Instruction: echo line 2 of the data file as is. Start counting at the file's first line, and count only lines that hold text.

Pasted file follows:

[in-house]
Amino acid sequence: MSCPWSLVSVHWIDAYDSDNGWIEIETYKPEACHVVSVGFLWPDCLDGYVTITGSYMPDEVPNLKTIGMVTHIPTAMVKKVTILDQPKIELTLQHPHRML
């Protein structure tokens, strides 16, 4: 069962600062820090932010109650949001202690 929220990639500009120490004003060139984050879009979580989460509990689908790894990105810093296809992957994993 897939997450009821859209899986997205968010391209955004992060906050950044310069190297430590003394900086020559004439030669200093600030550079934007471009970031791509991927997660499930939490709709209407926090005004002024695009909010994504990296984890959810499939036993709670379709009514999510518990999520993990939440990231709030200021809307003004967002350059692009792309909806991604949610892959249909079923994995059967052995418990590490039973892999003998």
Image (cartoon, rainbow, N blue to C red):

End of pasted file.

Amino acid sequence: MSCPWSLVSVHWIDAYDSDNGWIEIETYKPEACHVVSVGFLWPDCLDGYVTITGSYMPDEVPNLKTIGMVTHIPTAMVKKVTILDQPKIELTLQHPHRML